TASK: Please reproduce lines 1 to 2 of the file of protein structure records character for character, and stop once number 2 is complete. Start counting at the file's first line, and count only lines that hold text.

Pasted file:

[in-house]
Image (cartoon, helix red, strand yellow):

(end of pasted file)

[in-house]
Image (cartoon, helix red, strand yellow):